One of the reasons it took me so many years to craft my debut picture book, THE WILLIAM HOY STORY, HOW A DEAF BASEBALL PLAYER CHANGED THE GAME (Albert Whitman, March 2016) is that I didn’t know how much I didn’t know about the art of picture book writing. And here’s a little secret. I have three more books coming out and I am still learning. We are all always learning. And that’s why I love ReForReMo, because it’s a way for us to learn from each other.
All my books so far have been non-fiction biographies. Two are about athletes, one is about a man who moved a mountain and one is about a princess. My fifth book is about a musician, but it’s still a few revisions away from where it needs to be. I’m currently working with an editor on it. One of her notes was to give a sense of the music that my subject hears as he moves through and makes sense of the world. I also want to convey why the music was so important to him and to those who heard it.
So I checked out:
THE MUSIC IN GEORGE’S HEAD by Suzanne Slade, illustrated by Stacy Innerst (Calkins Creek). I love the way this book starts: “George heard music all the time. At home. At school. Even when he was roller-skating down New York’s busy streets.” I also like the way she describes the noises that George hears, such as the “Rattle-ty-Bang! of the train and it got me thinking about fresh ways to convey the kind of sounds my subject might have heard.
DIZZY by Jonah Winter, illustrated by Sean Qualls (Arthur A. Levine Books). What I felt here was the emotional connection between a child’s difficult childhood and the way music provided an outlet. This book helped me understand the urgency and passion of Dizzy’s music. Jonah Winter sets it up in the beginning: “This is the story of one real cool cat who must have been born with a horn in his hands…But, to tell you the truth, he wasn’t born with a horn in his hands. He was born very poor and very tough.” My subject had a rough start in life, too.
RADIANT CHILD by Javaka Steptoe (Little, Brown and Company). This book about artist Jean-Michel Basquiat combined the lesson I learned about the power of musical language from THE MUSIC IN GEORGE’S HEAD and the emotional urgency that throbs through DIZZY. This opening has both: “Somewhere in Brooklyn, between hearts that thump, double Dutch, and hopscotch and salty mouths that slurp sweet ice, a little boy dreams of being a famous ARTIST.” The book intertwines Jean-Michel’s creations with the challenge of growing up with a mother he loved who suffered from mental illness. This made me think about how my subject lost a parent at a young age.
I DISSENT, RUTH BADER GINSBURG MAKES HER MARK by Debbie Levy, illustrated by Elizabeth Baddeley (Simon & Schuster). This book shows how Ruth Bader Ginsburg dealt with prejudice. Ginsburg used the law to battle injustice. My subject faces prejudice, too, but uses music to create a more inclusive world. This book also showed me the power of having two words that repeat and build through the book. In this case, the words are “I dissent,” which do double duty as words of the law and words of a person who is determined to make the world a better place. That led me to wonder what my subject’s signature words might be.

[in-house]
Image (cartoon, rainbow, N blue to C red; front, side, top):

Which led me to my final ReForReMo book:
THE RIGHT WORD, ROGET AND HIS THESAURUS by Jen Bryant, illustrated by Melissa Sweet (Eerdmans Books). The writing here is so deceptively simple, you almost forget that you’re reading as a little boy emerges who interprets the world through the lists he creates, the lists that one day, when he’s older, will become Roget’s Thesaurus. I realized I need to do for my subject what Jen Bryant did for Roget. I need to show how he understands the world through music the way Roget does through lists. I need to blend in what I’ve learned from my other mentor texts as well: made-up words that suggest sounds, the urgency of an artist who must create, the persistence that pushes someone to persevere through heartache and the conviction and conscience to stand up for inclusion.
You don’t want to copy what someone else has done. But the beauty of ReFoReMo is that an idea you pick up from here or there may lead you to the magic ingredient that will bring your manuscript to life.
Thank you, Carrie Charley Brown for this wonderful assignment. I am excited about using what I’ve learned from my mentor texts as I dig back into my revision!
Nancy is happily donating one signed copy of The William Hoy Story along with a Teachers Guide at the conclusion of ReFoReMo. She hopes it may prove helpful as a mentor text! To be eligible, please comment on this post and make efforts to read mentor text regularly.
Nancy Churnin is the theater critic for The Dallas Morning News and the author of The William Hoy Story, How a Deaf Baseball Player Changed the Game (Albert Whitman & Company, March 2016), selected for the 2017 Texas Library Association 2X2 List and the New York Public Library’s Best Children’s Books of 2016 list. Her upcoming books are Manjhi Moves a Mountain (Creston Books, September 2017); Charlie Takes His Shot: How Charlie Sifford Broke the Color Barrier in Golf (Albert Whitman, January 2018) and The Princess and the Tree (Albert Whitman, November 2018). Nancy is raising four boys and two cats with her husband, Dallas Morning News arts writer Michael Granberry.